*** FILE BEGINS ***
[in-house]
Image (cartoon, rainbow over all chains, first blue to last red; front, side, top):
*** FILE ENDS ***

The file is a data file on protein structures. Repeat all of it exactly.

[in-house]
Image (cartoon, rainbow over all chains, first blue to last red; front, side, top):